Parks Ronald FAQs

Domestic animals are an invasion in the wild animal's habitat. Wild animals rely on scents to tell them whose territory they are in, and they use defecation, urination and oils from their fur and feathers to mark that territory. Scents establish and separate their hunting, breeding and home territories. When dogs enter the wild habitat and leave their own scents, they destroy the habitat for the native animals. As carnivores, the processed food that dogs eat leaves a completely foreign scent. Dogs are also natural hunters, and those natural instincts come back to them instantly when they see another animal worth pursuing, such as a deer, a rabbit, a squirrel, or any other prey animal. This is the wild animal’s home first and they should not have to be terrorized by a foreign predator. They have plenty of natural predators as it is. Larger predator animals such as bobcats, coyotes and mountain lions could also confront or chase your dog with disastrous consequences. If your dog surprises a rattlesnake or another creature that knows how to defend itself, severe injuries could occur. Horses are an exception because they are not predators and they are vegetarians. The scents they leave are not invasive. Park Rangers have observed deer and ravens scavenging their "road apples" for the digested grain that will show up in the poop.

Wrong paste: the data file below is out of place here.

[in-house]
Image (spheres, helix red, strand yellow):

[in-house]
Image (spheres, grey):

Yes, there are showers in Live Oak Campground & Owl & Quail Group Camping Area.

Camping stay is limited to 14 nights, 15 days maximum per 30-day period for both Caspers and O’Neill Park combined.  This includes all extra vehicles and companions.

Yes, Day Use Fees will apply. Must exit the park after program is over.

There is no store in the park, the closest store is in San Juan Capistrano (7 miles).

There is no fishing at Caspers, but there is seasonal fishing in the Cleveland National Forest.